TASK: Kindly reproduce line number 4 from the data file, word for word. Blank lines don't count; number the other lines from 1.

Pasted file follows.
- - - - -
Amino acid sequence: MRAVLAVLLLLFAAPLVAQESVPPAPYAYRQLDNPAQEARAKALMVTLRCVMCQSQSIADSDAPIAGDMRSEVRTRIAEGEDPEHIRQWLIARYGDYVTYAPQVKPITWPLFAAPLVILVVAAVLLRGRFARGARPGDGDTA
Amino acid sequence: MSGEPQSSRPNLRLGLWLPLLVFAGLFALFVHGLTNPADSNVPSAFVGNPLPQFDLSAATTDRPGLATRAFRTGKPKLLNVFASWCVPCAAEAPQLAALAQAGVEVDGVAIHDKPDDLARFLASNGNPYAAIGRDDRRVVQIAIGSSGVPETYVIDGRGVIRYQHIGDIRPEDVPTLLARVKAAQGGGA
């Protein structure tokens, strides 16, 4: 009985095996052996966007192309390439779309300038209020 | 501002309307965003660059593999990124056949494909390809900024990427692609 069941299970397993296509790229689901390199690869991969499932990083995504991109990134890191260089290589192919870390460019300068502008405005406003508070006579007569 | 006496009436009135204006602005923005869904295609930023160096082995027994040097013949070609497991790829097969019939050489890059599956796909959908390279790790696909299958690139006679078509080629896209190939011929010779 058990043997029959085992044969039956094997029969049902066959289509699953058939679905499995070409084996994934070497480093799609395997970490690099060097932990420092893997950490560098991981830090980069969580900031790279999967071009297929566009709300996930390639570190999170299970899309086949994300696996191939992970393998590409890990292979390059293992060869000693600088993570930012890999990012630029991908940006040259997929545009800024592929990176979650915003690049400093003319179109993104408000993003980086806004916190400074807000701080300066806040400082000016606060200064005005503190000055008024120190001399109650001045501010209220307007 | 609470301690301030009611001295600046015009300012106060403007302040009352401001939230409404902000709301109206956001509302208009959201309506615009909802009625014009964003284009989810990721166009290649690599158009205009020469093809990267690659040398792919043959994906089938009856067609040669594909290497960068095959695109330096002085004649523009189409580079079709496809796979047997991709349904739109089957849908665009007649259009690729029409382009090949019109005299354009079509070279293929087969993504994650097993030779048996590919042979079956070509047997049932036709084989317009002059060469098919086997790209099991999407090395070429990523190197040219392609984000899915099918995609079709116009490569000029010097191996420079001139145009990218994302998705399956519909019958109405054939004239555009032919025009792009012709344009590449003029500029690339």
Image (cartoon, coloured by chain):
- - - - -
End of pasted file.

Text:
Image (cartoon, coloured by chain):